Murder. Family quarrels. Fire. Flood.
Of all the historic hotels in Chattanooga, Tennessee, no other place to stay offers quite the same level of tragedy and hope than the famous Read House Hotel. In the modern day and age, the hotel has slipped into quiet elegance. It’s become a place for the wealthy and the elite to mingle with the everyday American or international visitor.
At night, The Read House Hotel glimmers under the starry night--a beacon to all who wish to waltz through its doors and discover what Chattanooga offered during the illustrious Gilded Age of the early 1900s. Silver sconces, elaborately prepared meals in the famous Porterhouse restaurant.
But make no mistake: for as beautiful as The Read House is, it possesses an ugly past that stretches back over 160 years. And, today, this haunted hotel bears the scars--and the spirits--to prove it.
Before The Read House even existed, this property at the current-day 827 Broad Street boasted a different hotel together: the Old Crutchfield House.
The Crutchfields knew exactly what they were doing when they constructed an inn just across the street from the new railway station in the mid-1800s.
While an interest in railroads had spiked early on in Tennessee--around the year 1827--a train station did not hit Chattanooga until the late 1840s. Bordering states encouraged Tennesseans to build a railroad of their own, so that their own trains could chug their way through the scenic mountain landscape.
For one, Georgia’s Western and Atlantic railway already aimed for the Tennessee River. A train station in Chattanooga meant not only increased traffic but also increased revenue due to imports and exports. So, by 1850, Chattanooga found itself in the midst of an industrial revolution.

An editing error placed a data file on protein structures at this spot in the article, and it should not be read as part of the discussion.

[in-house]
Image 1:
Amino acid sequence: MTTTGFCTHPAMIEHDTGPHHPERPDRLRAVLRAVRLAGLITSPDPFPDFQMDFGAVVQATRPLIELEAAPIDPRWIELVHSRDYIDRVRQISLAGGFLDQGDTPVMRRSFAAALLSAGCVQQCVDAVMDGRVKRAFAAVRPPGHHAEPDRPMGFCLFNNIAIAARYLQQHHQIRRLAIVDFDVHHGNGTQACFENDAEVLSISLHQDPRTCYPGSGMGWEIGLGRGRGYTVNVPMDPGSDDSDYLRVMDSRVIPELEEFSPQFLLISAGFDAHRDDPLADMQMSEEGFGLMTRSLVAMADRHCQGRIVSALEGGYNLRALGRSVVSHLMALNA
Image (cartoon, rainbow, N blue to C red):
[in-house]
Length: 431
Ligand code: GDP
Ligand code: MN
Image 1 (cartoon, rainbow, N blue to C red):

The Nashville and Chattanooga (N&C) Railroad launched in Chattanooga in 1854. Other branches were then tacked out in the following years. By 1857, the Memphis and Chattanooga (M&C) was also running regularly through the self-proclaimed “River City.”
Chattanooga’s Crutchfield family saw opportunity for financial success and grabbed it by the horns. They decided to build a hotel directly across from this new railway--and, considering the fact that the railways at this time were the main source of business and imports, the Crutchfields metaphorically struck gold.
Business at the Old Crutchfield House prospered, but as the Civil War set in so did the first onslaught of drama.
The drama began with Jefferson Davis.
The Civil War was on the brink of exploding when Davis stepped down from his position the US Senate. He’d been recruited for the Confederacy. On his way home to Mississippi, he opted to stop by the Old Crutchfield House to stay the night.
It’s not known whether Davis actually launched into political talk at the dinner table or perhaps over brandy, but he did so regardless, spouting off about the merits of the Southern states seceding from the Union.
For the Crutchfield brothers, this was a very sore topic.